Infrastructure as code, also referred to as IaC, is a type of IT setup wherein developers or operations teams automatically manage and provision the technology stack for an application through software, rather than using a manual process to configure discrete hardware devices and operating systems. Infrastructure as code is sometimes referred to as programmable or software-defined infrastructure.
Versatile and Adaptive
Infrastructure as code uses higher-level or descriptive language to code more versatile and adaptive provisioning and deployment processes. For example, infrastructure-as-code capabilities included with Ansible can install Apache web server, verify that it is running properly, create user accounts and passwords, etc.
The code-based infrastructure automation process closely resembles software design practices in which developers carefully control code versions, test iterations, and limit deployment until the software is proven and approved for production. Software developers can use code to provision and deploy servers and applications, rather than rely on system administrators. A developer might write an infrastructure-as-code process to provision and deploy a new application for QA or experimental deployment before operations takes over for live deployment in production. With the infrastructure setup written as code, it can go through the same version control, automated testing, and other steps of a continuous integration and continuous delivery (CI/CD) pipeline that developers use for application code.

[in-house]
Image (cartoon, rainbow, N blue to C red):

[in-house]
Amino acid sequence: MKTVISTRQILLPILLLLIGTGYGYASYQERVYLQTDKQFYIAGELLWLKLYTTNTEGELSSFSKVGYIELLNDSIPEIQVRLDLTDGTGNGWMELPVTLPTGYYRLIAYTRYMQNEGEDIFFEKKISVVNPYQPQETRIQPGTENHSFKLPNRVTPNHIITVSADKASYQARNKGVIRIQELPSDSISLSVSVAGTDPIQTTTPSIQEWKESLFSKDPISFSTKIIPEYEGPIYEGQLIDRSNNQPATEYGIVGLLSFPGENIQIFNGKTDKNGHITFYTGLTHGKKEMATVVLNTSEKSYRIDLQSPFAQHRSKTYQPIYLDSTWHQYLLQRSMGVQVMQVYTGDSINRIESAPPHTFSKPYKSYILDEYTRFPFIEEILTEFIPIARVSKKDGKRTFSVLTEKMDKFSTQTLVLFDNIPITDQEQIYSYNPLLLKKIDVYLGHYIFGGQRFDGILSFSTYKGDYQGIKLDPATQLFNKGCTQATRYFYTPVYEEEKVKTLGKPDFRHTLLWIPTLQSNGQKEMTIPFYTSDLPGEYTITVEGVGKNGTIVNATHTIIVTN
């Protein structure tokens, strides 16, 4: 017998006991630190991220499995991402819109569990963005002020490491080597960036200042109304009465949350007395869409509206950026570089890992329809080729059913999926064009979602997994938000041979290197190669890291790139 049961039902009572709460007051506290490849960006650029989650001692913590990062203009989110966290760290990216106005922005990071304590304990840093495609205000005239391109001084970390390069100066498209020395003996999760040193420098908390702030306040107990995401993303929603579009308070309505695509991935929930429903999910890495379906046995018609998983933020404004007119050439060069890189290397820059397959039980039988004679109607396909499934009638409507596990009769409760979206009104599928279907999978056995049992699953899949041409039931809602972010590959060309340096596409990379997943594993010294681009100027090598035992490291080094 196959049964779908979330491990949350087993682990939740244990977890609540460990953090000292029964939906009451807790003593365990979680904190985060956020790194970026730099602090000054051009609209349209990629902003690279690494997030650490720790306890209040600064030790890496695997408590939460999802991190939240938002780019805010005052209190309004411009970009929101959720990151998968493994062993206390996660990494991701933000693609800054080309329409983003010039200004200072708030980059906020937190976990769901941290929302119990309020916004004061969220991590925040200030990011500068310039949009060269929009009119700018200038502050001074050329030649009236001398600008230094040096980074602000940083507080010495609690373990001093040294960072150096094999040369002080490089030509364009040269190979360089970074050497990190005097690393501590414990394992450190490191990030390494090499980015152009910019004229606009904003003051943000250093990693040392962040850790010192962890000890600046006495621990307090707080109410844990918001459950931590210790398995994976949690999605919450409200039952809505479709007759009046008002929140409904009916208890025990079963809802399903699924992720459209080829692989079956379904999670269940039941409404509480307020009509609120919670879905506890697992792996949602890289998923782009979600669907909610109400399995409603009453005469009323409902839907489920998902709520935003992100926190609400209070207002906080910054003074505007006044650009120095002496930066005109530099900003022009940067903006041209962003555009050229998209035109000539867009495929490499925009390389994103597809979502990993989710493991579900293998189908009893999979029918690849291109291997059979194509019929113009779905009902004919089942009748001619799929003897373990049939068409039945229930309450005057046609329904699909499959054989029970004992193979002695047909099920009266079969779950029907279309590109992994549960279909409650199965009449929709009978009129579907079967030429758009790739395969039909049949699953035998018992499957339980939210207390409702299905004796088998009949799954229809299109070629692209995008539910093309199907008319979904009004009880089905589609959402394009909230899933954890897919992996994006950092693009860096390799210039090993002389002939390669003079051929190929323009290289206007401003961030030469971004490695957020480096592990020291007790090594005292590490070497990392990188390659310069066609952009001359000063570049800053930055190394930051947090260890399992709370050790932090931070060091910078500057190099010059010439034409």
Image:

Infrastructure-as-code tools configure and automate the provisioning of infrastructure. These tools can automatically execute the deployment of infrastructure, such as servers, with orchestration functionality. They also can configure and monitor previously provisioned systems.
Infrastructure-as-code tools enforce the setup from the template via push or pull methods. In the push method, a centralized server sends the desired configuration to a specific system or systems. The pull method is initiated by a request to a centralized server from a system or systems in the infrastructure. These tools should also be able to roll back changes to the code, as in the event of unexpected problems from an update.
Examples of infrastructure-as-code tools include AWS CloudFormation, Red Hat Ansible, Chef, Puppet, SaltStack and HashiCorp Terraform. Some tools rely on a domain-specific language, while others use a standard template format, such as YAML and JSON. When selecting a tool, organizations should consider the target deployment. For example, AWS CloudFormation is designed to provision and manage infrastructure on AWS, and it works with other AWS offerings. Alternatively, Chef works with on-premises servers and multiple cloud provider infrastructure-as-a-service offerings.